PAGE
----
The system of credit is based on “easy.” Easy credit is the foundation of a credit-driven society, and the recession hasn’t dampened the issuance of credit cards. The last I read, there are as many as 3.5 billion pre-approved credit card applications mailed every year to consumers' mailboxes. Credit cards are generally issued to those of legal age, 18 plus. At 15 years they may be able to piggyback on their parents' credit cards. But as soon as they graduate high school or get to that age, the process begins.
If there are 200 million people age 18 and over receiving all these applications, that’s a lot of junk mail that goes in the trash.
Identity thieves figured out a long time ago that pre-approved applications found in the trash hold a degree of creditability in the mind of the issuing bank. After all, the bank mailed it to the intended recipient, and when the bank got it back with most of the information looking right, they issue the card. I’ve viewed plenty of studies in which pre-approved credit card applications were torn up by hand then re-taped together, filled out and mailed in—and a credit card arrived within 10 days. Why?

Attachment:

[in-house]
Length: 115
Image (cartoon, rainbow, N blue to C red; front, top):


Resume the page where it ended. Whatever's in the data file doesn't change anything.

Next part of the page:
Because, in the eyes of the bank, all the data checks out OK.
Online and telephone applications are just as easy to scam due to the anonymity of the transactions. All an identity thief needs are some key pieces of information—name, address, and SSN and they are off and running. Public computer terminals and throw-away cell phones ensure the thieves' anonymity.
Instant credit means one thing: instant identity theft. Identity thieves froth at the mouth when they obtain personally identifiable information and are in range of a major retailer. How often have you been stopped in a store or the mall, and offered a teddy bear or T-shirt to sign up for 10 percent off your next purchase? Applying for instant credit is in-fact “instant.” It generally happens in less than 20 minutes and involves showing basic identification and providing an SSN—all of which can be easily obtained as real or fake.